Yesterday a friend admitted to me some quirky behaviors that are automatic disqualifiers for his dates.
Most are wildly inappropriate for SR, but his #1 was being a regular smoker.
It makes sense: he’s a fit guy and likes to lead a healthy lifestyle. There’s just no way he could date a smoker.
Many of us probably have similar disqualifiers – like having zero sense of humor. But how many of us have them for shoes?
Well, I realized that I do! There are certain disqualifiers when it comes to my running shoes that immediately stop me from buying – no questions asked.
Yes, even shoes must pass a rigorous test to see if they’re worthy for coming with me on a training run. All runners are this weird, right?
Now it’s important to understand that these are my disqualifiers. Just because I’ve found that these features don’t work for me doesn’t mean they won’t work for you. My experience and personal preferences are not applicable to every runner. Everyone is an individual.
So I want you to read this post with a critical eye. You may find that your stride pattern, foot strike, anatomy, and biomechanics are wildly different so you love these types of shoes.
That’s why it’s really helpful to experiment and try lots of different shoes to find what works best for your personal situation. That could be a variety of different styles – maybe you’ll love the Skora Phase that I review later in this article!
My three disqualifiers are common in bulkier, more motion-control shoes. Since I wear mostly neutral shoes, it’s easier to avoid them (you can see some of my favorite shoes on the Running Resources page).
Flared Heel? GTFO
A flared heel is one that extends behind the back of the shoe. Here’s a good visual:
The Minimus Road on the left has an inverted heel that mimics how your anatomical heel actually looks like. See how the back of the shoe goes mostly straight down and the heel actually curves underneath?
The Nike Free on the right has a flared heel that protrudes behind the shoe. It extends pretty far out.
This style can promote heel striking and makes it hard to have a neutral, flat-footed running stride. I’ve worn a similar model of the Free – and several other similar heels – and I find that my typical mild heel strike is exacerbated. It just makes me feel clunky.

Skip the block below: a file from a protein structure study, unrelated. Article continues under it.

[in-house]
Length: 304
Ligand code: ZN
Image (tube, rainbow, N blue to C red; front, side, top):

While I don’t think heel striking is necessarily a bad thing, an aggressive heel strike isn’t something I want to encourage. So I simply don’t buy shoes with a significantly flared heel.
Arch Support? No Thank You
Whenever a pair of running shoes has a significant arch support, I get blisters. My low arches are compressed against the support inside the shoe and the inevitable running causes a lot of discomfort.
Higher arch supports are more common in more supportive shoes – duh! So expect to see them featured more prominently in “stability” or “motion-control” shoes. Since I typically train in neutral or more minimalist running shoes I don’t worry too much about buying an untested shoe that has a high arch.
Besides, I’d rather my own foot do most of the work rather than the shoe itself. The entire concept of arch support doesn’t make much sense to me since the arch is only as strong as its “keystone” (in architecture, the keystone is the final stone put at the apex of an arch that allows the structure to bear weight).
You never apply pressure underneath the keystone or you risk the entire structure falling apart.
Plus, the stretching, lengthening, and flattening of the human foot arch is a necessary movement during the gait cycle. If you disrupt that with support underneath the arch, you’ll get an increased risk of foot injuries. No thanks!
Beefy Sole? Not Interested!
This shoe characteristic is more subjective and really depends on how the shoe feels while running. I prefer shoes that have a medium sole height – not as high as the ASICS Gel-Blur which measures 35.1 mm, but not as low as a shoe like the Merrell T rail Glove.